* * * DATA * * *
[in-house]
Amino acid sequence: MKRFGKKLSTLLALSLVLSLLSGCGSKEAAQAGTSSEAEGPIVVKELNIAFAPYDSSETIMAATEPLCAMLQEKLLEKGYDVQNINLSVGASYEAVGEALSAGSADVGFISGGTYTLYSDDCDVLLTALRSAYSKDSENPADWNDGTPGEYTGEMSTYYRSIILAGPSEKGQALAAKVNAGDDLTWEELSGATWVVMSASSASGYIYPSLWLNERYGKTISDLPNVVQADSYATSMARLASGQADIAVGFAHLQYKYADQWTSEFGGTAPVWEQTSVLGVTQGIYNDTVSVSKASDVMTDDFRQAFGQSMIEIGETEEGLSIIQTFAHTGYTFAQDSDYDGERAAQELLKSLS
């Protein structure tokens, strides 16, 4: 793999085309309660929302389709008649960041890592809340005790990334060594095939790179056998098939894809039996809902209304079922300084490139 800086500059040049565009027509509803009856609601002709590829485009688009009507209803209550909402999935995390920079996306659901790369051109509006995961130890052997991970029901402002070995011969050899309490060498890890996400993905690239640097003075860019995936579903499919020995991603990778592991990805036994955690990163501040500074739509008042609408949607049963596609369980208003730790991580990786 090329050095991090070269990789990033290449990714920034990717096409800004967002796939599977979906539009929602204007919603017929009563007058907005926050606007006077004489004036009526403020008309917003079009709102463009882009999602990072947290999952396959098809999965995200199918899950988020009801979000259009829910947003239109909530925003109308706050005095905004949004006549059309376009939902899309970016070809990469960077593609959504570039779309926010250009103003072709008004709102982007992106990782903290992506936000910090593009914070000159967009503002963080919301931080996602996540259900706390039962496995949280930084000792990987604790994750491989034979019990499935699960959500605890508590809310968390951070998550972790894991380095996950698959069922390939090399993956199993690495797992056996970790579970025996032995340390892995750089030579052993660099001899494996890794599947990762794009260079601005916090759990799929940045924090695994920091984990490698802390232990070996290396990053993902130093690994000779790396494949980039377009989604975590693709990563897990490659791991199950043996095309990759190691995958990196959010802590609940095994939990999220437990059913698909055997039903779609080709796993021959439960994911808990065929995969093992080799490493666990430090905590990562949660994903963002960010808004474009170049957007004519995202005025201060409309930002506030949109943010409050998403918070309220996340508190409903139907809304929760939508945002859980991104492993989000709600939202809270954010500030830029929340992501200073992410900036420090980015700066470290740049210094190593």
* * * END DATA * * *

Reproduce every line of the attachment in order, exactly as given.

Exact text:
[in-house]
Amino acid sequence: MKRFGKKLSTLLALSLVLSLLSGCGSKEAAQAGTSSEAEGPIVVKELNIAFAPYDSSETIMAATEPLCAMLQEKLLEKGYDVQNINLSVGASYEAVGEALSAGSADVGFISGGTYTLYSDDCDVLLTALRSAYSKDSENPADWNDGTPGEYTGEMSTYYRSIILAGPSEKGQALAAKVNAGDDLTWEELSGATWVVMSASSASGYIYPSLWLNERYGKTISDLPNVVQADSYATSMARLASGQADIAVGFAHLQYKYADQWTSEFGGTAPVWEQTSVLGVTQGIYNDTVSVSKASDVMTDDFRQAFGQSMIEIGETEEGLSIIQTFAHTGYTFAQDSDYDGERAAQELLKSLS
């Protein structure tokens, strides 16, 4: 793999085309309660929302389709008649960041890592809340005790990334060594095939790179056998098939894809039996809902209304079922300084490139 800086500059040049565009027509509803009856609601002709590829485009688009009507209803209550909402999935995390920079996306659901790369051109509006995961130890052997991970029901402002070995011969050899309490060498890890996400993905690239640097003075860019995936579903499919020995991603990778592991990805036994955690990163501040500074739509008042609408949607049963596609369980208003730790991580990786 090329050095991090070269990789990033290449990714920034990717096409800004967002796939599977979906539009929602204007919603017929009563007058907005926050606007006077004489004036009526403020008309917003079009709102463009882009999602990072947290999952396959098809999965995200199918899950988020009801979000259009829910947003239109909530925003109308706050005095905004949004006549059309376009939902899309970016070809990469960077593609959504570039779309926010250009103003072709008004709102982007992106990782903290992506936000910090593009914070000159967009503002963080919301931080996602996540259900706390039962496995949280930084000792990987604790994750491989034979019990499935699960959500605890508590809310968390951070998550972790894991380095996950698959069922390939090399993956199993690495797992056996970790579970025996032995340390892995750089030579052993660099001899494996890794599947990762794009260079601005916090759990799929940045924090695994920091984990490698802390232990070996290396990053993902130093690994000779790396494949980039377009989604975590693709990563897990490659791991199950043996095309990759190691995958990196959010802590609940095994939990999220437990059913698909055997039903779609080709796993021959439960994911808990065929995969093992080799490493666990430090905590990562949660994903963002960010808004474009170049957007004519995202005025201060409309930002506030949109943010409050998403918070309220996340508190409903139907809304929760939508945002859980991104492993989000709600939202809270954010500030830029929340992501200073992410900036420090980015700066470290740049210094190593």